Much ado about nothing
I listened intently last Tuesday to the lawyers who were the guests in Karen Davila’s TV morning show arguing over the citizenship of Sen. Grace Poe. I was impressed by their display of legal sophistry but, upon reflection, I could not help thinking that we Filipinos love to waste time arguing over academic issues that serve no useful purpose for the country.
An example is the Torre de Manila case that simply involves the issue of whether the building destroys the “visual corridor” of the Rizal monument. What an earth-shaking issue! I don’t know why the Supreme Court had to squander precious time over such a frivolous question; I hope it’s not because, as argued by the petitioner in that case, it involves “the soul of the nation”? What highfalutin nonsense!
People, including the lawyers, will have to admit that there are good arguments for concluding that Grace Poe is a natural-born citizen, and that, if one is objective and nonpartisan, her natural-born citizenship status is legally and strongly defensible. To be sure, rather than trying to disqualify her, we should be able to find better use of our time by thinking what’s good for our country and whether she will make a good president, instead of assailing her citizenship by nitpicking on legal arguments.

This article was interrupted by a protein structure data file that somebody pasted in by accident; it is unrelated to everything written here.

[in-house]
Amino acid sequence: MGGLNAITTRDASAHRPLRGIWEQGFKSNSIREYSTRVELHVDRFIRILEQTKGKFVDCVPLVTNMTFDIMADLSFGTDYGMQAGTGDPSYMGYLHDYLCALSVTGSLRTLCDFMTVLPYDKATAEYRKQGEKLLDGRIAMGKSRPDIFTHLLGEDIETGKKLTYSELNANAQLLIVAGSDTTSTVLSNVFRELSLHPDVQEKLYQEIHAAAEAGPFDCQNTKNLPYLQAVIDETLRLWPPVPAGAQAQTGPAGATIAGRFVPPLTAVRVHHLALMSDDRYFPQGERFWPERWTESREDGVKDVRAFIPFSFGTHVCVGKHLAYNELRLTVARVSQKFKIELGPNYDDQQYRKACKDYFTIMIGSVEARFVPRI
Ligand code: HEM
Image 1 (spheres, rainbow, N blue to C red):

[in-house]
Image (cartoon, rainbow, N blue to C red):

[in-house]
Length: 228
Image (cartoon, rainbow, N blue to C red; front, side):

What we should be doing is to spend more time educating our electorate on how to exercise their right of suffrage wisely. Since Grace Poe’s natural-born citizenship is legally defensible, why don’t we just accept it and move on to more important matters?
Why don’t we just allow her to run without any fuss about her citizenship? If she wins, I don’t think her not being a natural-born citizen—which admittedly is a debatable issue—will make a whit of difference. President Barack Obama, if you believe Donald Trump, is not even supposed to be an American citizen, but I don’t think that makes Obama any less a good president and a loyal American.
The basic question boils down to this: Will Grace Poe make a good president? On our decision hangs the fate of the nation. Let’s not quibble over frivolous issues that make no practical sense.
We may end up like neighbors, as reported in the papers from time to time, arguing at the corner store on the best basketball team and finishing their argument by killing each other.
Rogelio A. Vinluan is a former senior partner and managing partner of ACCRA Law.
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